KARL HAMPTON: Oh look not at all. But I think our candidate Adam Finlay’s done a fantastic job, in terms of his work. He’s worked the electorate hard, he’s done a lot of doorknocking and I think he’s a great candidate and of course the voting tomorrow, we’re hoping that Adam gets up.
But in terms of Minister Macklin’s visit, Minister Macklin’s been coming here for a long time looking at the progress of the Transformation Plan and I think, like Minister Macklin, we’re both impressed with the progress. You know since December last year there’s been significant progress made and you just have to go out to talk to town campers and people who are benefiting from these new homes and the refurbished homes to see for yourself how important it is to them.
JOURNALIST: While the caretaker Government mode was in place and then there was the issues federally about who was going to take government, I understand there was a bit of a hold up in the funding for SIHIP. Are you aware of whether there’s going to be delays in rolling out the program because of that?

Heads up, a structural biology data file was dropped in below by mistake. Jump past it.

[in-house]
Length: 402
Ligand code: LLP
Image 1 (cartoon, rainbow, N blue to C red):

KARL HAMPTON: Oh look not at all I’m not aware of those issues and maybe Minister Macklin can answer those in more detail but I’m certainly not aware of those delays. The Transformation Plan is moving ahead, SIHIP’s moving ahead in leaps and bounds and we can’t underestimate the value of the project. We know with Adam Giles he wants to stop SIHIP, he wants to stop the Transformation Plan and I think that would be disastrous.
What we have before us unfolding is a significant progress in the living conditions for town campers and for many of those people in remote communities. So as far as I’m concerned it’s full steam ahead it’s making great progress and I look forward to Minister Macklin coming back very soon.
JOURNALIST: So the information that we were provided was that while the Government was in caretaker mode and during the period that there wasn’t an elected government in place that the SIHIP funding was stopped during that period. Is there some delay to projects and did that happen.
JENNY MACKLIN: No, that is completely false so whoever has told you that is leading you up the garden path. Completely false.